My Experience Viewing the Solar Eclipse in Nashville
By Michael Lundquist
The morning of August 19, 2017, I departed on a journey with 12 other travelers to the Nashville area to see the sites. But I also wanted to view the solar eclipse, which I call the” Great American Eclipse.”
I have a faint memory from childhood of going outside my elementary school in Iowa to see an eclipse, which was probably not in the full path since my memory is that it was basically a letdown. This was not what I experienced this time!
We gathered at a state park in Hermitage, Tenn. on the banks of the Pearcy Priest Lake reservoir. As the time for the full eclipse approached, there was an excitement and energy with our watch party. We were not let down as the moon passed in front of the sun and into its full position. The sky became night and the first thing I noticed was Venus shining brightly. We all cheered as the eclipse became total. We enjoyed two minutes and 33 seconds (according to my watch) before the blazing red of the sun began peeking out from behind the moon.
I was the tour director on this trip and the only person traveling alone. On this particular three-night trip, there was a supplement to get the double room confirmed as a single. In America, this is easier and more affordable then on international trips. For example, on this trip to Nashville, it was only $37 additional to travel as a single. For comparison, on a three-night trip I will be leading to Romania, it will costing $207 additional to travel as a single. This is something that single travelers should consider when making tour arrangements.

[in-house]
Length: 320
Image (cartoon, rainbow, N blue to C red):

These days it’s comfortable to travel as a single. On larger trips I arrange, there are often five to six singles out of a group of 40 travelers. Traveling alone may seem like it would be lonely, but I find it to be the opposite. It gets me out of my comfort zone, seeing a new place with a group of people with whom I can socialize when I choose. As a single traveler, I can also experience some things alone when we have free time.
On the trip to Nashville, the husband of one couple brought a collapsible wheelchair for him to use during the longer sightseeing excursions, as well as to watch the eclipse. Needing assistance with mobility should not deter someone from enjoying vacation travel. Most tour directors will help to make arrangements to accommodate wheelchairs, walkers, or portable oxygen.
Metaphorically speaking, I feel the Great American Eclipse was a perfect example of how darkness and light function together. Watching the darkness engulf the light for over two minutes was incredible, and seeing how the light can’t be stopped, but eventually moves through the darkness sends a message of victory.
This was a wonderful day, an awesome travel group, and for me, a spiritual experience.
Michael Lundquist is the owner of Vital Transport LLC and has visited 49 states and 21 countries. His passion is to encourage global travel and provide memorable travel experiences. In his free time, he loves to write blogs, articles, and poetry. For more info, visit VitalTransport-Travel.com or call 843-597-2131.
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